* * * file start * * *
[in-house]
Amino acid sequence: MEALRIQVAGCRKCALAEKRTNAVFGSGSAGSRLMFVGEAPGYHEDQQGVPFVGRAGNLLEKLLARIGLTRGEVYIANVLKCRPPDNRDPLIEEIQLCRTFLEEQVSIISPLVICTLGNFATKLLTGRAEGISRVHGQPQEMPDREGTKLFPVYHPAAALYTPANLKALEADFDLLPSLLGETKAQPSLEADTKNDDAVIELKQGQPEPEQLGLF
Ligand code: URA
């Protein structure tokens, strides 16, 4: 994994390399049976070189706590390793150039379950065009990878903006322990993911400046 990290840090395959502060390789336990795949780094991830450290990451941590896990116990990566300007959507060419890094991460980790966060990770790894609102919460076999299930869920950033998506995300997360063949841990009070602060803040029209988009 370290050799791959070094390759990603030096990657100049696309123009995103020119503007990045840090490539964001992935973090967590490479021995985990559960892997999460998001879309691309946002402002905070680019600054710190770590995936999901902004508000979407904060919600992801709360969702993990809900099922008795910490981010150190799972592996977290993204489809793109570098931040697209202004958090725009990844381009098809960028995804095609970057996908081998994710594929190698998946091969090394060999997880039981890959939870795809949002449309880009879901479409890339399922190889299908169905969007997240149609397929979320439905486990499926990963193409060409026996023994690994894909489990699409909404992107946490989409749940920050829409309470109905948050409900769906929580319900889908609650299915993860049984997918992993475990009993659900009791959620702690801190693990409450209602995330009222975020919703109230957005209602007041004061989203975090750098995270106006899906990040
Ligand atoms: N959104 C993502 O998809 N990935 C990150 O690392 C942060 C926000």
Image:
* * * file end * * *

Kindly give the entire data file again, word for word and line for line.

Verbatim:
[in-house]
Amino acid sequence: MEALRIQVAGCRKCALAEKRTNAVFGSGSAGSRLMFVGEAPGYHEDQQGVPFVGRAGNLLEKLLARIGLTRGEVYIANVLKCRPPDNRDPLIEEIQLCRTFLEEQVSIISPLVICTLGNFATKLLTGRAEGISRVHGQPQEMPDREGTKLFPVYHPAAALYTPANLKALEADFDLLPSLLGETKAQPSLEADTKNDDAVIELKQGQPEPEQLGLF
Ligand code: URA
């Protein structure tokens, strides 16, 4: 994994390399049976070189706590390793150039379950065009990878903006322990993911400046 990290840090395959502060390789336990795949780094991830450290990451941590896990116990990566300007959507060419890094991460980790966060990770790894609102919460076999299930869920950033998506995300997360063949841990009070602060803040029209988009 370290050799791959070094390759990603030096990657100049696309123009995103020119503007990045840090490539964001992935973090967590490479021995985990559960892997999460998001879309691309946002402002905070680019600054710190770590995936999901902004508000979407904060919600992801709360969702993990809900099922008795910490981010150190799972592996977290993204489809793109570098931040697209202004958090725009990844381009098809960028995804095609970057996908081998994710594929190698998946091969090394060999997880039981890959939870795809949002449309880009879901479409890339399922190889299908169905969007997240149609397929979320439905486990499926990963193409060409026996023994690994894909489990699409909404992107946490989409749940920050829409309470109905948050409900769906929580319900889908609650299915993860049984997918992993475990009993659900009791959620702690801190693990409450209602995330009222975020919703109230957005209602007041004061989203975090750098995270106006899906990040
Ligand atoms: N959104 C993502 O998809 N990935 C990150 O690392 C942060 C926000």
Image: